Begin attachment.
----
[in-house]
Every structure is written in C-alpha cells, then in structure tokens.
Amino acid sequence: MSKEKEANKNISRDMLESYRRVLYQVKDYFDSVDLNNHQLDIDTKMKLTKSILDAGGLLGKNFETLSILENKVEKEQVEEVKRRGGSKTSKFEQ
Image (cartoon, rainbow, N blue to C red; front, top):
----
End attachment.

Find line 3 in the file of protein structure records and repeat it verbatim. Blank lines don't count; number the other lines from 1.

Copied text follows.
Amino acid sequence: MSKEKEANKNISRDMLESYRRVLYQVKDYFDSVDLNNHQLDIDTKMKLTKSILDAGGLLGKNFETLSILENKVEKEQVEEVKRRGGSKTSKFEQ